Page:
Gospel Jn 17:11b-19

Lifting up his eyes to heaven, Jesus prayed, saying:
"Holy Father, keep them in your name
that you have given me,
so that they may be one just as we are one.
When I was with them I protected them in your name that you gave me,
and I guarded them, and none of them was lost
except the son of destruction,
in order that the Scripture might be fulfilled.
But now I am coming to you.
I speak this in the world
so that they may share my joy completely.
I gave them your word, and the world hated them,
because they do not belong to the world
any more than I belong to the world.
I do not ask that you take them out of the world
but that you keep them from the Evil One.
They do not belong to the world
any more than I belong to the world.
Consecrate them in the truth.
Your word is truth.
As you sent me into the world,
so I sent them into the world.
And I consecrate myself for them,
so that they also may be consecrated in truth."


Meditation: John 17:11-19

Saint Boniface, Bishop and Martyr (Memorial)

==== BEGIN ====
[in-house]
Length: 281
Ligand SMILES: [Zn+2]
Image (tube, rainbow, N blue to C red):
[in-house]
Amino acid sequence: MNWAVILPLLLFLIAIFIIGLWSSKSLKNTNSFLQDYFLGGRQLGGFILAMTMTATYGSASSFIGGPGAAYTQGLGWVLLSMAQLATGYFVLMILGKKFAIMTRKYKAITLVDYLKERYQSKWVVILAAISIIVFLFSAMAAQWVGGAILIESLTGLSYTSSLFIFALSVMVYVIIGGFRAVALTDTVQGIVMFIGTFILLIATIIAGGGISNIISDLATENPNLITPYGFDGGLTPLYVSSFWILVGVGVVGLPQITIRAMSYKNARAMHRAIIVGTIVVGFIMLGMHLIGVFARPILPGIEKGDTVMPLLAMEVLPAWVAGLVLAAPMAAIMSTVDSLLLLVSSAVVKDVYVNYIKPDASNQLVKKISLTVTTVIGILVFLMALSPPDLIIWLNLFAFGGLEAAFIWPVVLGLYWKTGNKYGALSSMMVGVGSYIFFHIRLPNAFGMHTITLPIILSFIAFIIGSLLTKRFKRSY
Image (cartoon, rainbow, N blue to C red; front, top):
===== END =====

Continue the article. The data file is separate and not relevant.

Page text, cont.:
As you sent me into the world, so I sent them into the world. (John 17:18)

We all know what it's like to let go of someone. Time marches on, situations change, and someone must move away—or is called home by the Lord. Transitions like these can be hard. They can upset the balance in our lives and introduce an element of uncertainty and apprehension.

Jesus knows what it's like to let go. He knows how hard it can be. In today's Gospel reading, for example, he is letting go of his disciples. He is letting them move into a new phase of life, a phase in which they must build on what he has taught them but without him standing right by their side. And because Jesus knows what it's like, we can trust him to help us through our own transitions.

For example, dropping a child off for his first day at school might be fraught with anxiety. You might wonder if your child is ready to go out into the big world without you; you might treasure the preschool days and not want to see them end. But you can turn to Jesus and pray, Lord, you've helped me so far. I trust that you will help me adapt to this new situation. Help me let go of my child so that he can grow.